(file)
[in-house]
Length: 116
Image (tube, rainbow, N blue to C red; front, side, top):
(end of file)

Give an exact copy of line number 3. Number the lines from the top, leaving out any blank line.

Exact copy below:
Image (tube, rainbow, N blue to C red; front, side, top):